In the most extreme case, imagine Abbot Kinney, Rose Avenue, Washington Boulevard, some areas of Main Street, Lincoln, and the first couple blocks of Windward lined with carts and stands selling a wide assortment of items, some of them the same items for sale in nearby shops. Also picture hundreds of additional carts and tables strewn all along the Venice Beach Recreation Area and Boardwalk, since vending in parks is also being considered.
As the Council takes testimony on what should be allowed and where it should be allowed, City leaders would be well advised to take a look at Venice’s experience. Vending on our Boardwalk is the one exception to the City’s ban on sidewalk or park vending, and sales are only allowed under color of the exercise of the vendors’ First Amendment rights.
I recently walked Ocean Front Walk to check out the scene and was surprised that there actually is a lot of original art – both good and some very bad. There also were many examples of mass produced items that were not the work of the person staffing the table. Several vendors also offered henna tattoos, which are made using mass produced templates, not freehand, which in my mind is not original art either.
Vending along the Boardwalk causes problems beyond the occasional violation of the municipal code. The police tell us that some “artists” are fronts for drug sales. Some vendors store their wares, tables and carts in vehicles permanently parked on nearby streets, denying these spaces to residents. Others block nearby sidewalks with their carts, piled high with equipment and products. Some of the vendors do not leave at night as required by the Beach Curfew and many store their stuff in the park, violating the new parks ordinance, which requires that everything leave the park – and Boardwalk – at night. This all contributes to the look and atmosphere of Skid Row West.
For decades the merchants in the brick and mortar shops on the east side of the Boardwalk have complained about the sale of commercial products, as opposed to original art, on the Westside. These vendors posing as artists are able to dramatically undercut the east side merchants since they don’t have to pay rent, taxes, permit fees, utilities or insurance. The lack of city enforcement in Venice’s case raises the question of whether any sidewalk vending regime would be enforced or enforceable. The LAPD and the City Attorney’s Office have generally turned a blind eye to violations on the Boardwalk so I am not assured that they would enforce any controls that are meant to regulate sidewalk vending elsewhere in Venice or the city. Indeed, this concern about enforcement has been raised by several other neighborhood groups. Without inspectors tasked with just enforcing whatever regulations are set-up, enforcement will likely end up at the bottom of the list for the LAPD, City Attorney’s Office and Bureau of Street Services.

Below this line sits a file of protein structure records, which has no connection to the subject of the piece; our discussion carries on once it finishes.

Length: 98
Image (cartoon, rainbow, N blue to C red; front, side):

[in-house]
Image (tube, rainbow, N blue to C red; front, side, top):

One of the other problems with any sidewalk vending in Venice is the substandard width of our sidewalks. Laid out and built in the early years of the last century, they barely can carry the crowds that regularly visit Venice now.
So, questions of unfair competition, lack of enforcement and sidewalk capacity all need to be addressed, and I would propose they be addressed on a block-by-block basis. That is why our organization has joined some neighborhood councils in arguing that any ordinance legalizing sidewalk vending should contain an “opt-in” provision which could only be exercised by a super-majority (e.g., 67 percent or 60 percent) vote of adjacent property owners.
A Los Angeles Times reporter asked me why this decision should be left to property owners when the sidewalk is a public space. Shouldn’t city officials make this call, he queried.
To start with, sidewalks exist to be just what the name implies – a raised walkway separated from and on the side of the street for pedestrian passage.
However, the City does not own the land under the sidewalk or the parkway (the strip of land typically between the curb and the sidewalk). The fee simple title to the sidewalk and parkway is held by the adjacent property owner. The City just has an easement over the property requiring that it be left undeveloped so that unhindered passage is maintained.
Historically, the City required that the property owner maintain the sidewalk and parkway, and even replace damaged sidewalks. It was only when the Johnson Administration offered federal funds for sidewalk repairs as part of an economic stimulus package that the City assumed responsibility to repair sidewalks. The City is now planning to return the responsibility for sidewalk repair to property owners, an acknowledgement that sidewalks and parkways are the possession of the adjacent owner, not the City.
Further to this point, a City ordinance requires that the adjoining owner keep their sidewalks free and clear so as to not thwart the City’s easement.
In the instance of sidewalk vending, the City is considering taking land that it controls under an easement for passage and giving small islands of its easement area to vendors, violating the purpose of the easement. (I could question whether the City even has legal authority to make such grants since the City does not own the sidewalk, but if limited and controlled, such grants may well be de-minimis in their impact on the easement.)
Since the property owner owns the dirt under the parkway and sidewalk, and the City, with sidewalk vending, is proposing to do something that is counter to its easement, I believe the owner must be consulted on whether he or she agrees to such a use of their property.
If you would like to weigh in on this matter, you can write to:
Councilman Curren Price, Chair
Economic Development Committee
Los Angeles City Council City Hall
200 N. Spring Street, Los Angeles, CA 90012